Experts warn of the mental health toll if Roe v. Wade is overturned

‘In the post-Roe scenario, we’re probably more likely to see people who are tethered to violent partners because they’re unable to get their wanted abortion,’ Biggs said

By: - June 14, 2022 4:52 pm
Abortion rights advocates. (Photo by Astrid Riecken/Getty Images).

Abortion rights advocates. (Photo by Astrid Riecken/Getty Images).

With the U.S. Supreme Court set to issue a ruling that could potentially overturn the 49-year-old landmark Roe v. Wade decision that granted pregnant people the constitutional right to an abortion, researchers and mental health professionals are concerned about the potential harm of denying people access to abortion care.

On May 3, the day after Politico first reported a leaked draft opinion that showed the nation’s highest court was set to strike down the ruling, the American Psychological Association said in a statement that it was “deeply concerned” about the prospect, citing the potential “harm to women’s mental health.”

“Rigorous, long-term psychological research demonstrates clearly that people who are denied abortions are more likely to experience higher levels of anxiety, lower life satisfaction, and lower self-esteem compared with those who are able to obtain abortions,” the professional organization’s president, Frank C. Worrell, said. 

Antonia Biggs, an associate professor and social psychologist at the University of California San Francisco’s Advancing New Standards in Reproductive Health program, has been studying the psychosocial burden experienced by people accessing abortion care from different perspectives for more than a decade. 

She said that overturning Roe would have a “huge” impact on the mental health of Americans trying to access abortion care. 

Through a five-year turnaway study, which examined the effects of receiving versus being denied a wanted abortion, Biggs said researchers found that denying people access to a wanted abortion led to increased symptoms of stress, anxiety, and low self-esteem, compared to being able to get a wanted abortion. 

The study also found a relationship between “perceived abortion stigma and negative adverse psychological consequences,” Biggs said. 

“We also found from the turnaway study that having an abortion — the most common emotion experienced after having an abortion — was relief and that the majority of people, so 99 percent of people who had an abortion, said that they felt that the abortion was the right decision for them,” Biggs told the Capital-Star.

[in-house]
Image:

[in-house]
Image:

A Matter of International Understanding

Earlier this year, Nancy Russo, regents emeritus professor of psychology and women’s studies at Arizona State University, wrote to her colleagues in the International Psychology Bulletin that the United Nations has embraced “concepts of reproductive justice and equity.” 

Russo said that the precedents set by court cases brought to international and regional human rights bodies and courts worldwide recognized “that denial of legal abortion services can violate a range of human rights, including the right to be free from cruel, inhuman and degrading treatment, and the right to privacy,” among others. 

“In recognizing that denial of access to lawful abortion can amount to cruel, inhuman and degrading treatment, the standards highlight that this treatment encompasses both physical pain and mental suffering,” Russo wrote. “The U.S. has much to learn from the experiences of diverse countries in the quest to improve the health of women and children at home and around the world.”

According to a 2013 report by the United Nations’ Department of Economic and Social Affairs, nearly two-thirds (64 percent) of countries permitted abortion when the physical or mental health of the mother was in danger, compared to 52 percent of countries in 1996. 

As of 2013, 126 countries around the world allowed for abortions to preserve a woman’s mental health compared to 99 countries in 1996. 

Similarly, the report found that 86 percent of countries in developed regions allowed abortions to preserve a woman’s mental health compared to 57 percent in developing regions. 

The Negative Effect of Unwanted Pregnancies 

Russo also said that the mental health effects of denying pregnant people an abortion extend beyond the individual.